Both data cubes and data warehouses can provide information for business intelligence and reporting. Both work as OLAP solutions to provide insights from data. However, which one will suit you depends on the need and use case. So, it’s worth knowing the differences between the two.

Data Warehouse: Positives and Negatives

With the availability of cloud data warehouses and an architecture using MPP, it is easy to get insights from a growing amount of data. It’s just a matter of writing SQL statements, and the MPP architecture will take care of processing those SQL statements efficiently and quickly, even on large datasets.

Another advantage of a data warehouse is that it is based on concepts of relational databases, i.e., tables and relational data modeling, which makes it easier for IT people to get involved and maintain the system without any new skill set requirement.

Apart from this, cloud data warehouses can also auto-scale and reduce storage costs. This means that if the data analyst or business analyst’s team size increases, the data warehouse can auto-scale to serve their needs.

A notable disadvantage of data warehouses is that they take a reasonable amount of time and effort to build the system. Their use necessitates constant discussions between the business team and the IT team. Moreover, the IT team needs to have a clear understanding of business, along with source systems. It also requires a separate set of pipelines (ETLs) to process and ingest data from the source system to the data warehouse and needs to maintain the performance of these ETLs within the SLA.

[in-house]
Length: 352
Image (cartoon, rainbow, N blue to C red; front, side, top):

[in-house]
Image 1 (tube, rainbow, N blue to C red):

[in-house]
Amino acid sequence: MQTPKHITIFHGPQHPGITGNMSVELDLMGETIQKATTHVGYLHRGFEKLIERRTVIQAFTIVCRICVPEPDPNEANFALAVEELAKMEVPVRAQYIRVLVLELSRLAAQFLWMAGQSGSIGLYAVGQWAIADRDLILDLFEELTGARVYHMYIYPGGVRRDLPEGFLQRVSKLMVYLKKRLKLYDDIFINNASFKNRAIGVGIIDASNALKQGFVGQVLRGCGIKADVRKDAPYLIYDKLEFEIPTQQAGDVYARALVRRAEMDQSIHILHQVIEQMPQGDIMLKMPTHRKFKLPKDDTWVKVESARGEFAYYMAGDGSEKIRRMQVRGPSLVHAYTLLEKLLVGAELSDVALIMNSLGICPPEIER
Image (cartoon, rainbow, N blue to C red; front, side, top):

Data Cube: Positives and Negatives

When data cubes first arrived on the scene, one notable benefit was that they were able to provide information pretty fast due to their nature of storing aggregated data. Also, business intelligence users were able to visualize data in multi-dimensional space. However, cloud data warehouses offer materialized views, which can also serve the same purpose. Moreover, building these materialized views does not require any specific training like MDX.

Building data cubes requires knowledge of MDX or a person with OLAP training. Moreover, data cubes are not like normal databases. They require a different set of training and knowledge to build and maintain the system.

Which One to Go For

The key takeaway from this blog is this: to select the best approach, try to understand your use case. What’s the skill set of your current IT team (whether they know SQL or MDX)? How much storage do you require? Do you need to visualize data in multidimensional space? Is your solution cloud based? What are the SLAs to get source data into the target data store? Since both solutions have pros and cons, understanding the difference and answering these questions will tell you which is the best option for you to build your BI and reporting infrastructure.

--

--

--

Medium’s publication for sharing ideas, innovation and programming codes.

Recommended from Medium

How to do Logistic Regression in Displayr

Building Energy Usage Prediction

Python Data Science Getting Started Tutorial: NLTK

Optimizing a Trading Strategy without Backtesting the Alpha

Data Science Series EP 10

My Data Science Journey Begins

Top Python Libraries Used In Data Science

Algorithmic Racism & Environmental Data Justice

Get the Medium app

A button that says 'Download on the App Store', and if clicked it will lead you to the iOS App store
A button that says 'Get it on, Google Play', and if clicked it will lead you to the Google Play store
Aditya Sahu

Aditya Sahu

Big Data Engineer | Writer

More from Medium

Big Data and Machine Learning in the Cloud

PerspectivesTalabat’s Data Aggregation Framework

A Case Study of Spark: Understanding the Analytics Engine for Big Data and ML

Data Reliability at Scale: How Fox Digital Architected its Modern Data Stack